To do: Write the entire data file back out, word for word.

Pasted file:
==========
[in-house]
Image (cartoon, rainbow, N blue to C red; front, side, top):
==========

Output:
[in-house]
Image (cartoon, rainbow, N blue to C red; front, side, top):